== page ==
The Yankees expect Rivera to miss the rest of this season but he vowed Friday that he would pitch again. Gallardo, who was hurt May 1, 2008, actually pitched later the same year. He made one start in the final week of the regular season and two appearances in the National League Division Series against the Phillies, including a Game 1 start.
Here's the big difference: Gallardo was 22 when he was hurt. Rivera is 42.
"Honestly, I don't know" how age will impact Rivera's recovery, Gallardo said. "Obviously, it depends on everybody's body. There's some guys that heal, no matter what age, a lot quicker. He's a good overall athlete."
What does Rivera face in the coming weeks?
"It's tough. It's a lot of hard work," Gallardo said. "When I had to go through it, it was nonstop, every day, rehabbing every day for two, three hours or whatever it might be. For myself, I had the opportunity to come back and pitch that same year, which was unbelievable. I never thought that [would happen]. Honestly, I didn't. I thought I was going to be done for that whole year.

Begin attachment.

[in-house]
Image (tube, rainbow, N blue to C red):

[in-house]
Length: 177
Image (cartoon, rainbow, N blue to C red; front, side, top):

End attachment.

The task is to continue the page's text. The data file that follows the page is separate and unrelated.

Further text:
"To have the opportunity to come back and have a start before the year was over and then start in the postseason, that was pretty incredible."
As for the way in which Rivera was hurt, during batting practice instead of a game, Gallardo said, "It's one of those weird injuries, out of nowhere. It's one of those awkward things. There's a lot of guys out there, running after fly balls, passing time, having a good time. You see something like that happens, it's just crazy, overall."
It's also the worst nightmare for a Major League manager, who has enough on his hands with the variables under his control.
"I guess when you're around [the game] so long and see so many things happen, you get used to weird things happening," Brewers manager Ron Roenicke said.
He has seen players injured in batting practice before. Former Angels reliever Brendan Donnelly came to mind -- he was struck in the nose during BP one spring and required multiple surgeries.
"But to tell a guy that he can't go out and shag balls, that's not the way to do it," Roenicke said. "He's done this for years, it's part of his conditioning, it's part of the fun he has.
"You watch [Tim] Dillard for us, and sometimes you wonder, you worry about is he going to run into another player because he's shagging so hard? So all of those things come into your mind, but we can't be safe in everything we do. You have these athletes who are super-competitive, their personalities are not docile. How do you control this group of guys? You're going to have some injuries because of it."